The standard counter example to the claim that a simply connected space might be contractible is a sphere $S^n$, with $n > 1$, which is simply connected but not contractible. Suppose that I were interested in a counter example in the plane - does anyone know of a subset of $R^2$ which is simply connected but not contractible?

  • $\begingroup$ Does your definition of contractible require that the resulting point be fixed for all $t$? $\hspace{1.7 in}$ $\endgroup$
    – user57159
    Nov 2 '13 at 4:42
  • $\begingroup$ @RickyDemer Does it make a difference? Either definition is fine, just be sure to explain which one you are using. $\endgroup$ Nov 2 '13 at 4:43

Consider the topologist sine curve

$$y = \sin \bigg(\frac{1}{x}\bigg),\ 1\geq x>0$$

together with the interval $\{(0, t): |t|\leq 1\}$ and a curve joining this interval with the graph. This is simply connected but is not contractible. You may find the proof of noncontractibility in


  • $\begingroup$ Is this path connected ? As far as I can recall it is not ... then how is it simply connected ? $\endgroup$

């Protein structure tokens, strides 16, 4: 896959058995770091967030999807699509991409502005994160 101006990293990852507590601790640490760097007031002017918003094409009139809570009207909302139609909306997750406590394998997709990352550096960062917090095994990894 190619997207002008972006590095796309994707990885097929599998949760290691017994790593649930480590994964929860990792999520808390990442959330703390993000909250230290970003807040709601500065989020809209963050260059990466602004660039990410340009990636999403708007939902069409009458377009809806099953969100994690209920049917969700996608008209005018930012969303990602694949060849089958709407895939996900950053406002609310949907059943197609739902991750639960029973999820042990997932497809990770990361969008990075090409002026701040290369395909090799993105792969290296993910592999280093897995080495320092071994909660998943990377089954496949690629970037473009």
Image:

– user456828
    Oct 6 '17 at 6:10
  • 2
    $\begingroup$ Topologist sine curve is not. Polish circle is path connected. You couldn't reach the vertical interval from the sine curve in the first case, but you can in the latter, by going in the opposite direction ;) $\endgroup$
    – Ottavio
    Oct 6 '17 at 8:42

John's answer is absolutely correct, but here is an addendum to it: All proper subsets $Z$ of the plane are aspherical in the sense that every continuous map $$ f: S^n\to Z, n>1, $$ extends to a continuous map of the ball, $B^{n+1}\to Z$. See the paper One-dimensional sets and planar sets are aspherical by Cannon, Conner and Zastrow.

  • $\begingroup$ This looks interesting, but I don't see how it is an extension of John's answer. (Though I haven't yet read either of the linked papers.) $\endgroup$ Nov 2 '13 at 6:38
  • $\begingroup$ @user54092: The point is that the linked paper proves that if such a space Z is simply connected then it is weakly contractible. $\endgroup$ Nov 2 '13 at 6:42
  • $\begingroup$ Thanks. I didn't know about weak contractibility. $\endgroup$ Nov 2 '13 at 6:46
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    $\begingroup$ So the point is that you can't find a counter example in the plane which is a CW complex. That's good to know. $\endgroup$ Nov 2 '13 at 6:53

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